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‘Life office household names will be crushed by regulation’

Small and medium-sized life insurance companies will be unable to cope with the avalanche of regulation and some could be wiped out, according to a report by consultants Deloitte.

The report, 2005: UK Financial Services at a Watershed, warns that many household names from financial services could disappear under the burden of regulation. It says that by 2010, the industry will have changed altogether.

Head of financial services research and report author Chris Gentle believes increasing regulation such as the FSA’s focus on treating customers fairly, senior management responsibilities and the Sandler review puts smaller firms at risk.

The report says providers with capital strength and the ability to diversify their offerings hold the high ground. Banks have the natural edge and all but the biggest life and pension companies could struggle unless they move away from their traditional with-profits models.

Gentle says: “Adapting to the new regime will drain capital for all types of financial services firm. Success lies in insurers turning their knowledge of longer-term savings products to their advantage.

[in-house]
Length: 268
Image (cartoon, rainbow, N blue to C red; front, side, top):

“Banks will increase their share in life and pensions in response to changing market conditions. With mortgage business at a low, banks have had to increase their business in other sectors. IFAs have a huge share of this market.”

Capital Tower training and compliance officer Graham Clarke says: “I am not negative about the future. The issue is over the fixed costs to the FSA, the FSCS and PI cover which cannot be avoided. I do not think you can start setting targets, though, because that is a recipe for misselling, putting pressure on advisers to push where sales might not be required.”


A consumer’s view

Mortgage lenders are an ungrateful lot. Having campaigned hard and relentlessly for an increase in the starting point for stamp duty and seen it doubled by Chancellor Gordon Brown in the Budget, they are now griping that it is not enough.

Don’t miss the Poat

The onus is on taxpayers to ensure they comply with the new pre-owned assets tax regulations, says Canada Life technical support manager Jeremy Pearson.

Mattison takes over as PruHealth chief

PruHealth chief executive Catherine McGrath is leaving the firm. Shaun Mattison will take over with immediate effect. Mattison joins from Discovery, Pru’s South African partner in the venture.


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